some thoughts on self-awareness
When I’ve had to be someone else’s version of me, I’ve not been happy.  We hear things like this all the time: that we’re living in someone else’s shadow, that someone is living vicariously through us, that we want to finally become independent, to grow to flourish.  There exists a pressure that bears down on us as we try harder and harder to live a another’s definition of ourselves.

We all live with rules and expectations that come from our parents and family, our schools, our faith communities, and other important people in our lives.  Some of these rules are healthy and some are not.  Regardless, though, until we convincingly decide the expectations that we want to incorporate into our lives, this pressure continues.

Over the past couple of years, this has been a prominent theme in my life.  Looking back, I realize that much of the stress and anxiety that we experienced over a dreadfully important stint in Asheville was the result of a definition of me that I did not own.  No one was actively living vicariously through me, but all of these voices from my past decided that Asheville would be the site of an epic battle.

Taking an overly guilty conscience, riddling it with long-standing rules and regulations, separating it from everything it has known and everyone it has loved, and clouding its sense of purpose is not unlike leading the perpetrator to the end of the gallery, placing a patch over his heart and a hood on his head, and starting the final countdown.  It is an emotional firing squad.  It is the moment of truth.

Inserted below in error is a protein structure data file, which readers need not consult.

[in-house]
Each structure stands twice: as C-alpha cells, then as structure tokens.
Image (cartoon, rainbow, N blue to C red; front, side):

A couple of weeks ago, a pastor of mine spoke about boundaries – and the importance of defining them.  In context, the talk was about living in romantic relationships with others – defining who you are, what you value, and how a clear definition of your self will help spawn healthy relationships with others.

Of course, it goes much deeper than this, too.  I would argue that really thinking about what we value as individual people, really putting in the work to decide for ourselves what is important to us – in other words, defining who we are – leads to a basic sense of self-awareness.  We will know when we’re moving into arenas that we may not want to be in.  We may be OK with taking a pencil from work – but money from the cash register may be a bit of a stretch.

When we look inward, when we decide who we are, when we determine what is important to us we contribute to a deep sense of self-confidence.  Some people would say that confidence leads to healthy boundaries and a healthy sense of self.  While that may be the case – for me, it seems to be happening in reverse order.  As I’m defining who I am and what I value I am becoming a much more confident person.